My research revolves around the intrinsic variability of stars.
Every atom composing all forms of life on Earth originate from the deaths of hot, luminous, massive stars. Indeed, with initial masses at least about eight times greater than that of the Sun, massive stars are the ones that finish their lives as supernovae, which are key processes responsible for the enrichment of the interstellar medium with chemical elements that serve to form new stars, new planetary systems, and life on habitable planets. This leads us to wonder so much about the nature of these massive stars.
O-type stars and their descendants Wolf-Rayet stars break the record of being both the hottest and most luminous ones. Part of my research interests consists in exploring how the brightness of these stars may vary over time, and if so, what kind of intrinsic phenomena cause the brightness variations. Particularly, the long-term photometric monitoring of key O-type stars such as ξ Per and ζ Pup with the MOST microsatellite and the BRITE nanosatellites led us to the surprising discovery that these stars may exhibit bright spots at their surface, and that these bright surface inhomogeneities turn out to drive the formation of large-scale spiral-like corotating interaction regions in the stellar wind. Moreover, some kind of stochastic photospheric light variability is concurrently detected, exhibiting strong correlation with the clumpy behaviour of the wind in the case of ζ Pup. The artist's impression of ζ Pup above depicts these findings. The exact origins of the bright surface spots and the stochastically-triggered surface features are currently amongst the key topics that we are exploring. One possibility is that they could be closely related to the presence of sub-surface convection zones in the enormous radiative envelopes of massive stars, as predicted by some theories. On the one hand, a sub-surface convection zone due to the opacity peak induced by the partial ionization of iron was found to be capable of sustaining the generation of small-scale magnetic fields that could occasionally breach through the surface and create magnetic bright surface spots. On the other hand, the stochastically-triggered surface features might be the manifestations of core-convection internal gravity waves, gravity waves generated within a sub-surface convection zone, and/or convective turbulence in the latter. Lastly, the cherry on the cake: are these two kinds of surface features universal amongst O-type stars? More observations are underway!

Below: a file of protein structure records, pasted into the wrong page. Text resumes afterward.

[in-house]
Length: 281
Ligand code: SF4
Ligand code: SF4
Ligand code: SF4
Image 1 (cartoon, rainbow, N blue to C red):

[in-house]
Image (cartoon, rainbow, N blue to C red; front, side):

While hot, luminous, massive stars populate the upper-left corner of the Hertzsprung-Russell diagram, cool low-mass red (KM-type) dwarfs literally lie in the corresponding antipode. Red dwarfs (especially the smallest and coolest ones - M dwarfs) are the most adequate targets for the search for transiting Earth-like habitable exoplanets. Indeed, in addition to the prevalence of M dwarfs in galaxies (e.g. it has been estimated that ∼75% of all the stars in the Milky Way are M dwarfs), observational results from the nominal Kepler mission estimated that every late-K and early-M dwarf should host about one planet 0.5−4 times the radius of the Earth, and about one quarter of such systems should have a rocky planet falling in the habitable zone of the host star. Furthermore, the smaller the host star the deeper the transit signals of their exoplanets. Additionally, thanks to the dimness and low temperatures of M dwarfs, their habitable zones are much closer than those of their hotter and brighter counterparts, augmenting the geometric probability of detection of transit signals.
In this lower-right part of the HR diagram, my research consists in characterizing the activity of red dwarfs, especially by mapping their surface active regions that induce rotational modulation of their brightness variations as observed by the Kepler mission. Then, our knowledge of their surface spot coverage and occurrence rate can give us hints on e.g. the possibility of having active latitudes at a given epoch (like in the case of the Sun, yielding the butterfly diagram over the long term), or even the possibility of having dominant active longitudes (the flip-flop phenomenon, as also seen in the Sun), which may constrain the properties of their small-scale and large-scale magnetic fields, both essential in determining the habitability of their planets.
"After several decades of puzzling over the potential link between the surface variability of very hot massive stars and their wind variability, these results are a significant breakthrough in massive star research, essentially owing to the BRITE nanosats and the large contribution by amateur astronomers. "